Music, Stage

The Ringtone Cycle review (Melbourne Recital Centre)

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If you were lucky enough to get them, tickets to Opera Australia’s $20 million Ring Cycle would’ve set you back $1000 to $2000 each. Who said opera was only for the super-rich? Those in charge at our ‘national opera company’ wouldn’t be under the illusion that the Cycle is an inclusive event, so in the interest of reaching wider audiences and being more accessible, they’re presenting the Ring Festival.
Composer Graeme Koehne and lyricist Peter Goldsworthy’s The Ringtone Cycle is a work where opera meets cabaret meets internet dating. Part of the Ring Festival, it follows a 30-something woman cheekily named Brunnhilde (soprano Lisa Harper-Brown) as she embarks upon a journey through cyberspace in her bid to find the perfect partner. She soon finds that finding love online isn’t as easy as it first seemed, and though there might be plenty of fish in that sea, none of the ones she wants are swimming her way.
As Brunnhilde, Lisa Harper-Brown is in strong voice and brave enough to show us the character’s ugly, desperate moments. She doesn’t have a completely natural knack for comedy, but she draws the character clearly and manages to be quite touching in the show’s final moments.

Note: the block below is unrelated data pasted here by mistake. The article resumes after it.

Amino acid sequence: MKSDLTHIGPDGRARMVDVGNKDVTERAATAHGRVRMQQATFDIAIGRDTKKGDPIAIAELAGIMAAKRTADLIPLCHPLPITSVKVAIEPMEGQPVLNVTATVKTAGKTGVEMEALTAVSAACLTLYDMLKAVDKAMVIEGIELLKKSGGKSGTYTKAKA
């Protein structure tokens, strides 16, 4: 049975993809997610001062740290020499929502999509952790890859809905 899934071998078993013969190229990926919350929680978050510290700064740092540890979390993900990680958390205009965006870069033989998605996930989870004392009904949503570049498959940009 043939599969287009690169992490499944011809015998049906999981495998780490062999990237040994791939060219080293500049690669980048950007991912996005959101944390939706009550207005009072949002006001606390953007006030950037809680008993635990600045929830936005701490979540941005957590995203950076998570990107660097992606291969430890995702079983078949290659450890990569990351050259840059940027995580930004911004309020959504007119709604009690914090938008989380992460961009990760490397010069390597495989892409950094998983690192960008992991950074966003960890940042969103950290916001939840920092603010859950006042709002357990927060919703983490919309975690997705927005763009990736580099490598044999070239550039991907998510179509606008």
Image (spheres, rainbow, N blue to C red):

The lyrics are occasionally insightful, and there’s a good laugh or two in there, but too many of the gags just are just pop culture references that don’t necessarily add a great deal. There’s also a few too many clichés, and some clunky, slightly naff moments, like Brunnhilde’s “I always judge a cover by its book” while waiting to see a photo of the man she’s certain she’ll fall in love with, because his personality is just oh-so-dreamy. But the song where she’s scanning through disappointing profile after disappointing profile bubbles along nicely.
The music is the real highlight here. It’s of the accessible, humming-the-tune-when-you-leave-the-theatre variety. Koehne captures a full spectrum of musical moods from his quieter, sentimental ballads through to Brunnhilde’s raucous, red wine-fuelled moments. His use of recogniseable ringtone melodies throughout the score is particularly clever.
The Seraphim trio support Harper-Brown well, both musically and dramatically. Their ensemble work is impressive and they’re always willing to jump into the scene as (mostly) silent characters.
The Ringtone Cycle is a briskly entertaining 45 minutes. Don’t expect anything profound, but the tunes are fun, the singing’s good, and there’s a giggle to be had.
[box]The Ringtone Cycle is at Melbourne Recital Centre until December 1. Tickets are available at[/box]

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